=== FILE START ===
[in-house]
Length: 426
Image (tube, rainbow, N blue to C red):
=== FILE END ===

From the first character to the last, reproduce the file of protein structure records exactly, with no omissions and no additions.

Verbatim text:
[in-house]
Length: 426
Image (tube, rainbow, N blue to C red):